NHS Talking Therapies and the Forgotten Art of Conversation

It is a paradox that NHS Talking Therapies is dominated by psychometric tests and not by conversations with clients. In a study of the telephone exchanges of Psychological Wellbeing Practitioners, Drew et al’s (2021) principal findings were that only rarely were patients asked open questions, early in the interaction, about why they had approached a mental health service for support. PWPs prioritised the routine outcomes measures questionnaires and other proforma question banks. There was evidence of a routinised approach and lack of flexibility in treatment delivery. In similar vein Faija et al (2022) noted that the psychometric tests we’re always administered at the start of a treatment session, and were seen by the PWPs as an encumbrance and the results did not influence the sessions at all. These authors called for a more conversational style but also noted that this would put extra time pressure on the PWP.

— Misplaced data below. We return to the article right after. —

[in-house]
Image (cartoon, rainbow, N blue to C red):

The Organisation itself appears to suffer from social anxiety disorder, steadfastly refusing to interact with its critics. Preferring the holy huddle of like-minded zealots in ‘best-practise’ gatherings.It is xenophobic.


Dr Mike Scott